Closed Bug 26935 Opened 20 years ago Closed 20 years ago

font substitution on Mozilla causing netscape.com to lay out differently

Categories

(Core :: CSS Parsing and Computation, defect, P3)

x86
Windows NT
defect

Tracking

()

VERIFIED DUPLICATE of bug 21950

People

(Reporter: ekrock, Assigned: erik)

References

()

Details

(Keywords: helpwanted, Whiteboard: [NEED INFO])

Attachments

(5 files)

To see problem, view above URL in both Nav4.7 and Commercial 2/7 build on WinNT 
4.0 SP4. Compare the gray header at the top right of the page. The calculated 
line height is larger in Mozilla due to the same backward compatibility vs. CSS 
box model issue as in bug #24186.

buster has applied a patch (thanks, buster!!!) for bug #24186 that fixes the 
problem in Nav Quirks mode for block level elements (display: block) such as P, 
but this patch is not invoked for table elements such as TD (display: 
table-cell).

The reason we may want to examine the feasibility of a similar patch for table 
elements for beta1 is that major portals and content home pages use tables 
extensively (in fact, almost exclusively) for positioning text on their home 
pages. So the current patch for bug #24186 appears not to be helping on the 
pages viewed most frequently by users.

Note: If you view the markup, you'll discover that the page has incorrect 
nesting of FONT and A tags: <FONT><A></FONT></A>. However, fixing it has no 
effect on display as we're probably already handling this through residual 
style.

Will attach screen shots and simplified test case and mark beta1 keyword. (I 
recognize that due to the complexity of the table layout code, a fix may not be 
possible for beta1, but that's a call for the PDT team to make after we get an 
estimate of the actual difficulty of doing a patch similar to #24186.)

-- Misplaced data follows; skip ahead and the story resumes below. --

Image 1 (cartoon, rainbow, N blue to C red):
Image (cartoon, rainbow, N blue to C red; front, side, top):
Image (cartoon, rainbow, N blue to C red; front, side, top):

Keywords: beta1
The block code is going to need to be modified to make the 1st attachment work 
like Nav4.x. The table code does not handle the tags (e.g. <FONT>) inside the 
<TD>. They are handled by the block code. It may be the case that Steve's patch 
will fix this problem. Right now it looks like the fonts around the <A>s are too 
big (compared to Nav4.x). Reassigning to Steve.
Assignee: karnaze → buster
Eric:  I think you not seeing what you think you are seeing.  I believe the 
quirks mode work around I put in place should work just fine inside a table.  
Table cells display their content by including a block frame as their 
one-and-only child, and the block frame is oblivious to the fact that it is 
inside a table.
I think what you are really seeing here is the font used by mozilla is 
significantly larger than the font used by Nav.  This is an issue Erik van der 
Pool has been working on, totally independent of the line height quirks issue.
I'm 80% sure of what I just said :) If I can get a build today, I'll confirm it. 
Steve's probably right. I did notice last night that the characters being 
displayed looked slightly different (like a different font) and also appeared 
slightly larger (for example, wider from left to right) than what was displayed 
in Nav4. 

erik, is this a DUP of a bug you have open already? I couldn't see any in your 
list that looked like this. And what are the prospects for fixing by beta1?

Changing bug Summary from "NavQuirks mode needs to apply "line height patch" to 
table elements (not just block level)" to "font substitution on Mozilla causing 
netscape.com to lay out differently." Reassigning to erik. Changing component to  
"Style System". cc:ing pierre and troy.
Assignee: buster → erik
Component: HTMLTables → Style System
Summary: NavQuirks mode needs to apply "line height patch" to table elements (not just block level) → font substitution on Mozilla causing netscape.com to lay out differently
Could the problem here be related to the rounding bug in Nav4 (which was a bad
thing and should not be maintained)?  What does this look like in IE5?
Attaching a screen shot that shows, from left to right, the same area of 
Netscape.com displayed in IE 5.5 b1, Nav4.7+, and Seamonkey Commercial 2/7.

To my eyes, IE 5.5 and Nav4 are displaying the same font at the same size. Only 
Seamonkey looks different.
Do you see the same thing on attachment 5055 [details] (above)?  It looks from the
screenshot of netscape.com that both the font size and the line height are
different, although it's hard to tell.